Spain is a nation state composed of autonomous communities – the regions. The system is not unusual in Europe – Switzerland, Belgium and even Germany operate in the same way. It’s large-scale devolution, and to some extent the UK does this too, with Wales and Scotland being part of the UK and governed by Westminster and British national laws, but with their own parliaments and varying levels of regional autonomy. In all these cases, autonomous regions legislate on regional matters, and can even legislate in areas of national concern where there are regional variations – healthcare, for example. This is how it works in Spain.


All the regions have their own governments and parliaments, and their own regional laws, all whilst being part of the country of Spain and its national government and legislation on defence, tax, internal security, immigration, foreign policy, and so on. There are 17 autonomous regions in Spain – eg Catalonia, Andalusia, Valencia, the Basque Country: 15 of them are on the mainland, and the other two are the island groups, the Balearics and the Canaries. (There are also two autonomous cities in north Africa, Ceuta and Melilla, but these don’t have legislative power).


Most of the regions are broken down into provinces, and the provinces are further broken down into municipalities, what we’d call council areas. So for example, Andalusia comprises eight provinces, and each of these is broken down into several municipalities. Similarly, the Canaries as an autonomous region are broken down into two provinces, eastern and western. The eastern province comprises Gran Canaria, Fuerteventura and Lanzarote, and the western one Tenerife, La Gomera, La Palma and El Hierro.

Provinces throughout Spain have capital cities, and here the eastern provincial capital is Las Palmas de Gran Canaria, and the western is Santa Cruz de Tenerife. These serve to streamline and coordinate work for legal purposes, for example, with main court hearings from all over the province taking place there, or tourism affairs like standards control and illegalities being overseen at provincial level. Many things, however, are specific to the islands themselves, and because the Canaries are so spread out over seven islands which are quite different in many respects, we have an additional layer of government – an insular one – that is unique in Spain. We have island Cabildos, which give each island its own governing board or committee.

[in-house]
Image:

So, in terms of structure, we have various levels. National – Spanish, regional – Canarian, provincial – east or west, and insular – for our purposes, Tenerife. If we just take tourism as an example, we can see that some issues are dealt with at each and every one of these levels! Main policy and general marketing might be conducted nationally, but the regions themselves are in competition with each other for travellers who, in their minds, are going to “Spain”, and as such, the regional governments legislate their own particular tourism policies. Within the regions, the provinces will have particular ideas about how policy is applied in their part of the region, and the island Cabildos will construct different identities and plans to get tourists who’ve chosen the Canaries over Malaga, for example, to choose one island instead of another.

There are other issues dealt with in this tree-structure manner as well as tourism. Roads, for example, will be the responsibility of the national government (Spain) if we’re considering general policy or traffic policing or major road network funding, but development and maintenance of individual major link roads, eg motorways, will be the responsibility of regional governments. At lower level, the Cabildos are responsible for main trunk roads on their own particular islands, and beyond that, smaller local roads are the preserve of the municipal authorities, what we’d call local councils. These are the Ayuntamientos.


These municipalities are where we come into it. They are the level of government with which we are most familiar. We know them off by heart – Adeje, Arona, Guía de Isora, Santiago del Teide, Fasnia, Arico … the list goes on. Most of them have a county town, and this normally shares its name with the municipality itself, so for example Adeje (town) is the county town of Adeje (municipality), or Arona town in Arona municipality. The municipalities themselves have their own local priorities, plans and issues, and it is these that have the most direct impact on our lives as foreigners abroad.


So when people ask why “they” are spending money on a motorway extension when they should be finishing surfacing the road into a local town, or finishing the south hospital, they misunderstand the nature of the different levels of responsibility. Motorways are organized and funded by region, main roads by Cabildo, or secondary roads by Ayuntamiento, hospitals are the responsibility of Cabildo and Government – and, in any case, the health department, rather than transport!

It would be easy to say, and many do say, that this just betrays administrative incompetence and chaos, that what’s needed here is joined-up government. And to some extent, that is sometimes true. BUT it is easy to forget, when surrounded by the unfamiliar and unclear, that a stranger looking at the UK’s system of national, regional and local government would be equally bewildered, and equally exasperated, at Westminster, Scottish Parliament, Welsh Assembly, County Councils, Regional Authorities, Metropolitan Districts, Borough Councils, Local Councils, Town Councils, Parish Councils …

It is what it is. And we owe it to ourselves, let alone our new home, to try to understand it and live within its framework. Hopefully the above has helped clarify some part of the way in which Spain is politically constructed and governed, and the systems that it has in place for the country to function.

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